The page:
Dr. Alexander Mirtchev discussed strategies used by emerging markets to counter the global crisis and position themselves for recovery. One key strategy is the retooling of their economic arsenals, in particular sovereign wealth funds. Mirtchev believes that the crisis is going to lead governments toward re-tasking SWFs to abandon previous vectors of investments and move towards more tangible profit-driven and productivity-oriented strategies, becoming more and more focused on and sensitive to their governments’ need to react to the economic downturn.
Anticipated Post-Crisis Momentum Could Reposition Emerging Markets – States Retooling to Utilize New Geo-Economic Instruments such as SWFs
In a Reuters interview that was featured in UK’s The Guardian, Dr. Alexander Mirtchev, founder and chairman of the Krull Corporation and an expert on global financial markets, who is also a member of the board of directors of the Kazakhstan sovereign wealth fund “Samruk-Kazyna,”
discussed the specific effect of the financial crisis on sovereign wealth funds (SWF).
The article cites that SWFs have recently sustained losses of nearly 60 percent. Dr. Mirtchev indicates that the current crisis has caused them to regroup to adhere more closely to the core of their strategy. “They are going to face severe restrictions on their operations, imposed by the current and prospective market conditions, increased regulatory scrutiny and the necessity to retool,” he says. “The glamour investment, trophy assets and big-splash spending” will be significantly curbed by fund leaders, while the notorious big-name acquisitions, in particular in the financial sector, are now a “play” of the past. “The smart SWF managers will prioritize their portfolios in line with the targeted growth of their own national and regional markets, and the respective technologies, capacities or resources that they are in need of,” stated Alexander Mirtchev. Accordingly, “they are going to unload non-core assets they have acquired during the boom times.”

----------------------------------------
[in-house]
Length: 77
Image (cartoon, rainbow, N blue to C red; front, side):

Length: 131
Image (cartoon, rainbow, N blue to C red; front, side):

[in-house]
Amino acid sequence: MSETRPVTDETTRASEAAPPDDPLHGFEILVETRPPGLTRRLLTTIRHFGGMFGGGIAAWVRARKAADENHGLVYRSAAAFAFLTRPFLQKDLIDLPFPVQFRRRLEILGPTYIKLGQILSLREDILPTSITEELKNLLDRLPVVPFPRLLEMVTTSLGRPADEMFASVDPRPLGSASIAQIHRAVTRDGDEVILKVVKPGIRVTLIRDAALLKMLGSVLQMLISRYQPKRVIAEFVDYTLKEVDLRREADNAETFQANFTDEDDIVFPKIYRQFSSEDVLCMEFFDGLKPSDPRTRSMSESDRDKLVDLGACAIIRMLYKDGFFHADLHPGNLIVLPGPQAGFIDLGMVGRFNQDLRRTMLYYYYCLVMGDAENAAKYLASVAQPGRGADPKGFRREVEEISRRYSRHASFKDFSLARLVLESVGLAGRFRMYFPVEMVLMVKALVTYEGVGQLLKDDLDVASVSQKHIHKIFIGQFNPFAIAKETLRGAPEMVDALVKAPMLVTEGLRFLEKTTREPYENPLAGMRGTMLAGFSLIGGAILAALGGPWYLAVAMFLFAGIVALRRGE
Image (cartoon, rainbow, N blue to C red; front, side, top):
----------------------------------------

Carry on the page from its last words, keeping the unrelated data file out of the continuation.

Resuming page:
In the medium term, the leading SWFs are likely to concentrate exclusively on targeted investments such as infrastructure, energy and technology, and “may look to the emerging markets for strategic opportunities, taking over key segments in some of those markets.”
Mirtchev also indicated that even though SWFs’ strategies are often policy-driven, and will continue to be so, they will more and more be guided by the markets. This may require that they bargain harder to bring prices down in their upcoming deals. The present lower values in the market and the fact that cash is in short supply will put them in an advantageous position. The more sophisticated SWFs may “introduce elements of comparatively independent supplementary financing mechanisms that could evolve into an additional layer of the global financial system.” However, he thinks that “the inevitable increase in government scrutiny of sovereign wealth funds’ activities by the U.S. and the EU will force the funds to invest in their reputation as responsible market participants.”
“The Funds are already talking to international authorities such as the IMF, the OECD and the European Union,” noted Dr. Mirtchev. He pointed to the Protocol of Santiago and the European Commission proposals for SWFs and investment recipient countries of a code of good practice which aims to improve the funds’ transparency whilst maintaining an environment which is open to investment.
Mirtchev did express confidence in the long-term ability of these funds to play a significant role in the global markets. SWFs are likely to remain an important source of equity capital and financing, together with the governments of the developed economies.”
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